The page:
“Suarerz is becoming the player we thought he was going to become a couple of years ago,” said Riggleman. “He was signed to that seven-year extension and he is showing why. And Joey has taken his average to the near .300 area where he generally is.”

Riggleman paused for a wistful moment and said, “We’re getting it from those three guys. Hopefiully a couple more guys move in that direction.”

THE REDS HAD MONDAY off and after this six-game homestand they’ll have three days off over a five-day span. Riggleman was asked if that might enable the team to reduce the bullpen by one body and add a fifth extra player. Riggleman has other plans.

“As of now, we’re going to take the approach of giving the starting pitchers extra days off,” he said. “That’s as opposed to sending guys to the minor or sending starters to the bullpen. We’re going to leave it as is and give some starters some extra days of rest. But how we use people over the next few days will help determine that.”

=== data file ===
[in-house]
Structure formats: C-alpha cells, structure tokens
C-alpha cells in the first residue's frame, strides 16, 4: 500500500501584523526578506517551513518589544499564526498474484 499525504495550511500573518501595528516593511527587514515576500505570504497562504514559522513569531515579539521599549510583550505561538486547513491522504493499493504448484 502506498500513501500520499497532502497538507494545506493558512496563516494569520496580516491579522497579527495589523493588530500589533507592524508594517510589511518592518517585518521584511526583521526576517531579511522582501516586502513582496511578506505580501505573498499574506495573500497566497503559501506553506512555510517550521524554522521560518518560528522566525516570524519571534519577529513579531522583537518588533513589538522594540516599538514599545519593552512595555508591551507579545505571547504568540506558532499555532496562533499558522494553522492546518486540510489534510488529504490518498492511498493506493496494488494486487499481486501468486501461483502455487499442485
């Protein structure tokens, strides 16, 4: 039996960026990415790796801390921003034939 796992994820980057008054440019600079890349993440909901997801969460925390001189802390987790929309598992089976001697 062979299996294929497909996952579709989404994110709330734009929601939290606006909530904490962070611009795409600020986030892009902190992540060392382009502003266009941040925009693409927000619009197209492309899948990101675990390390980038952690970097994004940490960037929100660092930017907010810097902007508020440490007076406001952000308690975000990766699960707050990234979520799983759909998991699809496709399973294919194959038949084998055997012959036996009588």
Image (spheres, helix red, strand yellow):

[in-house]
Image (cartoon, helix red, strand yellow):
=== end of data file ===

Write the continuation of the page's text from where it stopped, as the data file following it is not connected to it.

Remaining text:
WHEN DAVID WEATHERS WAS pitching out of the Reds’ bullpen in 2005, 2006 and 2007, nearly every day early in the afternoon he would be in the outfield playing catch and pitching to his son, Ryan, a big kid for his age — 5, 6 and 7 when Weathers was here.

So it was no shock Monday when the San Diego Padres drafted the 18-year-old Ryan Weathers with their first pick in the draft, the No. 7 overall pick. He was selected as a pitcher out of Loretta (Tenn.) High School. Scouts say he was one of the two best left handers in the draft.

Joey Votto remembers when Ryan was hanging around the clubhouse and the field.

“Definitely. I most definitely do remember him,” said Votto. “He was one of the most well-mannered respectful and polite young men I ever met. His father did a great job.”